Mon. May 16th, 2022

The Pittsburgh Penguins could once boast they had the best goaltending tandem in the NHL. During their back-to-back Stanley Cup-winning seasons in 2015-16 and 2016-17, franchise goalie Marc-Andre Fleury and standout rookie Matt Murray backstopped the Penguins to championships over the San Jose Sharks and Nashville Predators, respectively. However, the Penguins have since lost both players – Fleury in the summer of 2017 to the Vegas Golden Knights and Murray in a trade with the Ottawa Senators in Oct. 2020. Their replacement, Tristan Jarry, has helped the Penguins win 10 of their last 12 games this season and has cemented himself as the go-to guy in the blue paint. 

Backup netminder Casey DeSmith, however, is a different story. After he went undrafted, he studied business while playing college hockey for the University of New Hampshire Wildcats. He signed his first professional contract with the East Coast Hockey League’s Wheeling Nailers in 2015 and was a journeyman throughout his time in the minors. He officially arrived in Pittsburgh on July 1, 2017, and made his NHL debut against the Los Angeles Kings on Jan. 18, 2018. His short career has mostly been successful, learning under Murray and Jarry. Unfortunately, he’s struggling this season, and although DeSmith can be an excellent and capable backup when he’s on, he’s a liability when he isn’t.

DeSmith’s 2021-22 Stats Don’t Reflect the Player He Once Was

In three full seasons in the NHL, DeSmith has blossomed into one of the league’s best backups. Including this season, he has a career record of 35-25-7 with a 2.71 goals-against average (GAA) and a .971 save percentage (SV%); in each season, he posted an SV% over .900 and a GAA below 3.00. He carried that success over from the American Hockey League’s Wilkes-Barre/Scranton Penguins, where he and Jarry won the Hap Holmes Memorial Award as the best goaltending tandem in 2017.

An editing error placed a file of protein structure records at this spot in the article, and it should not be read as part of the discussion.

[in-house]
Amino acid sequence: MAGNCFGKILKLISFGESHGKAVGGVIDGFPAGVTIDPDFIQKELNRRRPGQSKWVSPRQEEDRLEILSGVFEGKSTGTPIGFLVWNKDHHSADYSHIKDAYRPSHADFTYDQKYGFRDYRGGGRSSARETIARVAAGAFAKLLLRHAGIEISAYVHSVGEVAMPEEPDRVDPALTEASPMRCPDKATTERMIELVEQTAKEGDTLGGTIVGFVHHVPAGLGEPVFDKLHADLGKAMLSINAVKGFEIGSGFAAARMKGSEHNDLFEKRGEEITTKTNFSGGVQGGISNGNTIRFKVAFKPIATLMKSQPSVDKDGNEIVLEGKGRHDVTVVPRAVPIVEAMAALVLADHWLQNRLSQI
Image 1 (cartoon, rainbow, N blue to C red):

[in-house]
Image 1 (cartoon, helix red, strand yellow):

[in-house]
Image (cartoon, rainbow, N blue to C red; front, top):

Casey DeSmith, Pittsburgh Penguins goaltender. March 7, 2018 (Amy Irvin / The Hockey Writers)

DeSmith’s early successes make this season all the more difficult to watch. Although the Penguins have been one of the best teams in the league recently, his play hasn’t helped them get there. On Jan. 5 against the St. Louis Blues, the Pens trailed 3-1 mid-way through the second period but came out on top, 5-3. While that speaks to the team’s mentality and ability to persevere, two of the Blues’ three goals came from a distance with very little traffic in front. DeSmith was pulled from the game,k and Jarry held the fort the rest of the way.

Related: Pittsburgh Penguins: 3 Options to Replace Casey DeSmith

Penguins’ head coach Mike Sullivan said this of DeSmith:

“You know, it doesn’t diminish how we feel about Casey. He’s played some really good minutes for us. He’s a quality goaltender. I didn’t think Case was tracking it as well as he has been, and so I just felt like it was the right thing to do at the time. It was a coach’s instinct on my part (to replace DeSmith). And so that’s why we decided to make the change.”

– Mike Sullivan

This season, DeSmith has a 3-3-1 record with a 3.47 GAA and a .888 SV%, well below what he has shown he can do in the past. He has surrendered three or more goals in 12 of his last 14 starts and ranks 60th of 62 goalies at 5-on-5 SV%. The Penguins have been successful in spite of DeSmith, not because of him.

Should the Penguins Look For a Replacement?

While no one within the Penguins organization will openly admit that DeSmith hasn’t played up to standard, it may be time to find a replacement. There are a handful of suitable candidates that general manager (GM) Ron Hextall could bring in, but none is more attractive than the Boston Bruins’ Linus Ullmark. The timing couldn’t be better. The organization just signed long-time Bruin Tuukka Rask to a professional tryout, which likely means he’s on his way back to being their starter, and sophomore Jeremy Swayman will likely replace Ullmark as backup.

Linus Ullmark, Boston Bruins
Linus Ullmark, Boston Bruins (Amy Irvin / The Hockey Writers)

Ullmark proved himself enough to earn a four-year, $20 million contract in the offseason, and Bruins’ GM Don Sweeney has spoken extremely highly of his ability. Ullmark’s .937 5-on-5 SV% in 2020-21 was good for fourth in the league, ahead of Stanley Cup champion Andrei Vasilevskiy and Vezina Trophy-winner Fleury. Not only was he one of the league’s better goaltenders last season, but he is also three years DeSmith’s junior and has played much more consistently over his career as a former member of the Buffalo Sabres. He’s provided the Bruins with tremendous stability since the departures of Rask and Jaroslav Halak and could be a perfect fit for Sullivan’s system.

DeSmith has the potential to be a fantastic NHL backup and has shown glimpses of his ability before, but his recent play has diminished his stock and may result in the Penguins exploring other options.


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